Sunday, January 30, 2011

Hanoi and HaLong Bay

Step 4 of the December holidays, north Vietnam. Different from the south in many ways, one of them being that Facebook doesn't work in the North!

After a delayed afternoon flight, we make it to our hotel in Hanoi by dinner time. (the airport is really far away from the city!) lovely location, we are right in the centre, near the cathedral. Going out we notice that lots of people are outside of shops, drinking while seating on really tiny stools, they appear and disappear everywhere (the stools) depending on people affluence!
Just looking for the restaurant, we have already decided that we will like this city, there is a home feeling to it! And I didn't really know what to expect of Hanoi as I had read mixed reviews...
On the 30th of December, we have the entire day to discover the city so we visit a couple of temples, we walk around the lake,

we admire the juxtaposition of French colonial architecture, narrow Asian streets with markets

and communist style for all recent political institution, including Ho Chi Minh memorial. (he died in Hanoi)

It's a very interesting mix, full of history!

In addition to architecture, the French have left a love for bread and large avenues with trees on each side; it's actually very similar to the French quarter in Shanghai!
We have the most wonderful lunch in a tiny alley where we point at everything to order.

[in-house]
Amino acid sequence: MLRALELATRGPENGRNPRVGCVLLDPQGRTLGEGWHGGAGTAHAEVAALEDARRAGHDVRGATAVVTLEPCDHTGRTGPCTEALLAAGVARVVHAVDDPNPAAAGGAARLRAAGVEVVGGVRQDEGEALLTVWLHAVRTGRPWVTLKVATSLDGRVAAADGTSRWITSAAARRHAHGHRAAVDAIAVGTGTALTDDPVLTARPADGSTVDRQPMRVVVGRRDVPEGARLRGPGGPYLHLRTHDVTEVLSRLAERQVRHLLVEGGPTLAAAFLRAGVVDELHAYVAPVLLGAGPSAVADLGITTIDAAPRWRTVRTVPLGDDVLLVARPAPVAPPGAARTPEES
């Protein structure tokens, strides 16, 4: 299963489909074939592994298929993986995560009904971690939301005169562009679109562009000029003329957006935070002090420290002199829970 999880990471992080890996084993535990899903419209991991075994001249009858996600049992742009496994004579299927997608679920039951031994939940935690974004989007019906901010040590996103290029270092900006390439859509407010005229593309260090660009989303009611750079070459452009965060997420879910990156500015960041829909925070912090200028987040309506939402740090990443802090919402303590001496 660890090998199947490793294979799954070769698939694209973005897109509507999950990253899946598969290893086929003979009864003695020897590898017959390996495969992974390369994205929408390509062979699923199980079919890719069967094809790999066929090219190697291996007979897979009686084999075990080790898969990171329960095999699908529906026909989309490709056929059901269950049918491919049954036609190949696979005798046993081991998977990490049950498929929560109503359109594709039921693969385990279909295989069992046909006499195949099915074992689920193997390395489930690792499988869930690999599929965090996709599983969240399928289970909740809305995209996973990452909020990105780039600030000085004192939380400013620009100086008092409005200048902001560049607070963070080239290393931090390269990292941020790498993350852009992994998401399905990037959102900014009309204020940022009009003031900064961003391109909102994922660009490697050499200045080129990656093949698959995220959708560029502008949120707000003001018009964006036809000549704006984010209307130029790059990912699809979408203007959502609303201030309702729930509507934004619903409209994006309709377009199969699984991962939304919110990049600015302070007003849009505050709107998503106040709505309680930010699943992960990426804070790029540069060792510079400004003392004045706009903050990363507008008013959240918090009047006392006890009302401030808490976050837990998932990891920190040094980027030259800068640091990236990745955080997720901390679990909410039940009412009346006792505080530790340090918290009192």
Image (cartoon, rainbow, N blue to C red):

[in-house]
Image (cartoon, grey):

On the evening, we decide to participate to the use of the tiny stools and go out for a drink, it is quite an experience: the main drinking spot for locals is a street junction (for expats, hotel bars), at midnight, there's no one left and at the first seeing of a police van, the girls selling dried fish disappear running... (I haven't really figured this last point out)
The day has passed really quickly and the time in Hanoi is over, tomorrow we are leaving for HaLong bay.
It's an early start as there are 4h drive and we are starting our cruise by lunch time. We have booked 2 days and 1 night on a junk, these old style Vietnamese boat cruising the bay.
The journey is not really exciting, we stop for a short break half way in a weird place selling all the touristy things a tourist in Vietnam could ever buy, including giant marble statues...(don't ask...) Arriving at the boat terminal, we meet the million other tourists who are here with us to enjoy this 8th world marvel. But as soon as we board our boat we feel more secluded and the feeling of being one sheep following the other goes away. There are only 15 of us on this boat so it's nice and cosy.
During the 1st few hours, we stay outside on the bridge admiring these big rocks poping out of the water everywhere.

We also make a stop at a gigantic cave which was used by the fishermen as an escape during typhoon. First, here are a couple of views from the platform:

The cave is enormous, it could fit a village which is good news as we meet again the million tourists from the terminal...
Just after sunset we go kayaking in between the rocks, even managing to go through one!

We cross path with a big tanker (no idea what it is doing here) and a big cruise ferry; slightly out of place vessels....
The staff has prepared us a beautiful new year eve dinner (with the best spring rolls I have ever had) and it is outside, on the bridge of the "Jewel of the bay" that we celebrate the end of 2010 and the beginning of 2011.